Prime Minister Sheikh Hasina is not the only one to point to the distortion of the Bengali language we see in our times. Most of us do, indeed have done so over these past many years. It is not just that a section of people, the young in particular, have resorted to speaking the language in heavily accented manner, to a point where you are left wondering if that is the way in which we have spoken and written Bengali across the centuries. This accent is something you come up against on television, especially when you have some pretentious celebrities on a show. Take, for instance, the way in which these seemingly westernized Bengalis, even without having been abroad, tend to roll their r's when they pronounce the word 'amar'. And that is not the only example we can cite to explain how such faux westernized elitism is being brought into the Bengali language. Instances are legion.
There are other areas where the script of the Bengalis, at least in our part of the old Bengal, has been taking a bad beating through systematically being turned into a mishmash of a language. And here you simply cannot only pin the blame on our self-obsessed celebrities alone. It is a malady which you spot nearly everywhere, with nearly everyone having developed the notion that a bit of class needs to be injected into the language if it means to amount to anything. And how do you do that? Bring in as many English terms as you can into your use of spoken Bengali. That way, you can be sure that your elitism will impress those who have enough time and patience to listen to you. It is the parvenu in you which does not hesitate to sprinkle Bengali with English. You ignore 'bitorko' and go for 'argument'. You grab at 'good governance' when there is the properly Bengali term 'shushashon'. A couple of years ago, a singer performing on live television was, at breaks between the songs, being greeted by phone-in viewers in excellent, proper Bengali. She responded, to our embarrassment, in English. 'Thank you so much', she crooned. And here she was singing absolutely Bengali songs.
The prime minister, like the rest of us, certainly is aware of how far we have peppered our own language with elements that simply ought not to have been there. Where previously our expression of happiness over a poem or a sight of nature came in the shape of the properly Bengali 'bah', today it comes through an aping of Americanisms. The term 'wow' has come to be ubiquitously irritating. When a foreigner uses the term, it is perfectly understandable. But when a full-blooded Bengali falls for it, for no other reason than to impress us, it gets, to use a blunt expression, on our nerves. Now, of course languages evolve through time. But when a language is subjected to infiltration by other languages, we have reasons to be unhappy, even a trifle alarmed. You surely wonder when your fellow Bengali keeps talking of 'contempt of court' when he can very well use the very Bengali 'adalat obomanona'. To be sure, there are terms and phrases in English that do not have proper versions in Bengali. That is accepted. But what you feel uncomfortable with is when an individual will not speak of a 'tottabodhayok shorkar' but will opt for the very English 'caretaker government'. At home you are content to have a meal of 'bhaat' and 'murgir mangsho'. How is it that the moment you make your way into an expensive restaurant you decide to order 'rice and chicken'?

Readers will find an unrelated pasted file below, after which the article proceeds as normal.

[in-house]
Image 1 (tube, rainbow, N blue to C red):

It is your self-esteem which comes under question when you abandon your own language and go for a borrowing of terms and phrases from a foreign one. That said, the danger which the Bengali language faces comes also from some of the very people who should be keeping it in sophisticated order. Cultured Bengali or 'shuddho Bangla' used to be the standard in our use of language. In our schools and later colleges and universities, it was the norm for people to use 'shuddho Bangla' in their public dealings even as they went back to a use of local or regional dialects in their dealings with their families. Ministers, lawmakers and civil servants did not deviate from this standard. Pronunciation was assiduously maintained and polite use of the language underlined conversation and writing. That era appears to have passed. And today it is rather grating for the ears to have to listen to so many of the people highly placed, all around us, in society, in politics, in administration converse in absolutely atrocious Bengali. There are hordes of people --- and they appear on television --- whose use of the term 'maddhom' mutates, to your shock, to 'maiddhom'. Why must that be the case? Why should 'rajniti' be pronounced as 'razniti'? Why must a Bengali be unable, after all those years of education, to pronounce words correctly?
The malaise has spread in the last few years. Time was when plays and movies in Bengali were models of sophisticated Bengali. That is the reality no more. Where once in a play or on the screen you heard a character use the term 'kheyechhi', today it is very likely that the word 'khaisi' will hit your auditory faculties. Young men and women at universities in the past spoke respectfully to each other, which respect came through an employment of terms of address such as 'apni'. The old respect has now declined to an excess of informality, with today's young giving free rein to words such as 'tui', to say nothing of the colloquialisms they seek to express themselves in.
The beauty of a language shines in the purity we drape it in. Watch all those programmes on Indian and Pakistani television. Rare are the moments when participants grasp at English to express themselves. It is soothing to the ear when good, urbane Hindi or Urdu is being spoken in happy abandon. Could we not do better with Bengali? And not just on television?
Syed Badrul Ahsan is Associate Editor, The Daily Observer.
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